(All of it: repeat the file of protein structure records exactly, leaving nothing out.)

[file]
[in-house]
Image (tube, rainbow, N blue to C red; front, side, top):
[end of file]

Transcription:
[in-house]
Image (tube, rainbow, N blue to C red; front, side, top):